Can you provide me the more details like what version you are using, system details etc.,
I'd like to tack on my question as well since it sounds similar.
I'm using PhotoShop CS4 and I've opened a black and white jpg. It's solid black with a white background and 300ppi. It's a ridiculously simple image. All I'm trying to do is change the black to a color. I wanted to just grab the bucket tool and dump on some color. However, when I selected the color as my foreground color, I noticed I'm no longer in RGB (seems only Adobe gods know why). It's showing a grayscale horizontal bar in my colors tab on the top right. I also see a rainbow colored horizontal bar. Color picker worked fine but as soon as I chose my color it went back to gray as my foreground color.
How do I get back to RGB? I've fiddled around with this for 2 1/2 hours looking for solutions online and in the help sections on the program. I'm now more educated on what colors are and how they're used and their deep geneauology but unfortunately, none of that has been able to tell me how to flip back to RGB.
Also, when I tried opening a new blank image the color selection was fine. Do you think it's something funky with the image locking in a grayscale? I also tried reopening PhotoShop.
HOLD ON!! I FIXED IT!!
Well, I hope this helps Crystal (above).
I hit the "Image" tab, "Mode" and saw that "grayscale" was checked. I have no idea how that happened but I selected "RGB" and I have color. I'm sure you were all holding your breath, right?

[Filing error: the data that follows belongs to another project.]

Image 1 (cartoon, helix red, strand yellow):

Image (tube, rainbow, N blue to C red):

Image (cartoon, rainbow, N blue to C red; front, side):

i think what keeps all grayscale images, regardless of your actions, is a preference on the Edit menu> Color Settings, the option "Advanced Controls" must be activated "Desaturate Monitor Colors in" and the value must be in 100%.
If is that, the correct values are Edit menu> Color Settings, the option "Advanced Controls" NO activate "Desaturate Colors in Monitor"
Well, up until recently, the only way to gain control over the conversion was to use Photoshop's Channel Mixer, which was fine as long as you understood a thing or two about how Channels work. Even then, using the Channel Mixer never really seemed natural because it forced us to think like Photoshop rather than asking Photoshop to think like us. For something as common as converting color photos to black and white, there had to be a better way.And now there is a
tool you'll ever need to convert your color images to black and white. It's called the black and white adjustment, and it's easy, it's totally natural....
I'm not holding my breath any longer. Thanks for the info.